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South Texas Living


‘Snowbirds’ stand guard in South Texas


‘Snowbirds’ stand guard in South Texas
Jay Cleveland checks his clipboard to ensure he has all the details for a visiting vehicle.


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Pascalle Bippert
WCN Correspondent
March 6, 2013
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Jay and Tric (pronounced Trish) Cleveland are called “snowbirds” by folks in South Texas, and they’re on a completely new adventure. They spend their lives in their RV, traveling north in the summer to places like Laramie, Wyo., and south in the winter to places like Florida. To date, they have been park hosts -- greeting visitors, giving broom-making demonstrations, wearing prison garb (at the Wyoming Territorial Prison), and keeping the boat ramps safe in Georgetown, Texas.

This winter, instead of going to Florida, they heard about a new kind of adventure. Instead of going to the next park, they heard about a job where folks guard gates located on oil leases. Jay and Tric thought that might be a good opportunity, so they took the written exams and submitted to background checks and fingerprinting in order to be eligible for this job. They got certified by the state of Texas to be security guards.

One day a phone call came from “SiteWatch,” inviting them to be “gate guards.” The caller asked if the two were available and they started the next day. That was back in November.

Standing guard

The gate is on a 10,000-acre property; it’s 6 miles from the gate on one side of the ranch to their gate on the other side. The Clevelands’ job is to stand or sit by the gate all day long and log drivers in and out. A clipboard holds forms to record driver information, such as name, company, tag number, and time in and out.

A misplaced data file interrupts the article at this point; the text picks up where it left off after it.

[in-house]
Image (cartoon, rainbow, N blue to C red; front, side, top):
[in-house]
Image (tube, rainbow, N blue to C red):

The gate guards endure rain, wind, dust, heat, and cold during the course of their daylong vigil. The truck drivers must stop at the gate to log in before being allowed in or out. Vehicles range from pickup trucks to semis carrying pipe to trucks pulling trailers hauling huge equipment.

Some days, the Clevelands complete three pages -- 21 lines each -- of drivers’ information. Some days, only two vehicles drive through. Regardless of the traffic, the gate guards must be available for gate access.

Heavy equipment

In the three months they have been doing this work, Jay and Tric have seen trucks hauling front-end loaders and Caterpillars, which are used to clear the fence line; trucks hauling machinery to dig the ditch to hold pipes; and a huge auger that drilled a 21-inch hole sideways under the road through which the 20-inch steel pipe was threaded.

That was an amazing process, Jay said. Pipe 20 inches in diameter and 80 feet long was welded together, then pressure tested. While I was there, they were doing hydro testing to make sure the welds did not leak. Crews lay 2 miles of pipeline each day. Once the work is done, the ground is reseeded with coastal grasses to return it to a more natural state.

In good company

These gate guards do not work for the oil company. They work for a company that provides security for the people who are installing the pipeline. They are provided with a uniform so they are easily recognized as authorized personnel at the gate. The distinctive red shirts have the company name, “SiteWatch,” on the shoulder; Jay and Tric also wear name badges. They provide a quality, safe service.

Back in November, the gate was just a strand of barbed wire. A portable toilet sat next to the fence for the drivers’ use. Since then, there has been a transformation: The gate is fully welded metal, painted white, and the portable toilet is gone.

Home comforts